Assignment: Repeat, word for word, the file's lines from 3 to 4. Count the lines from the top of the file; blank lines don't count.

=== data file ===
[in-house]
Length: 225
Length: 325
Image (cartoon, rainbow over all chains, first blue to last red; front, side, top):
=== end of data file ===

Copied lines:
Length: 325
Image (cartoon, rainbow over all chains, first blue to last red; front, side, top):